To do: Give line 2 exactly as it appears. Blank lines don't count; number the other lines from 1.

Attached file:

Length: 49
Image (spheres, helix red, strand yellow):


Image (spheres, helix red, strand yellow):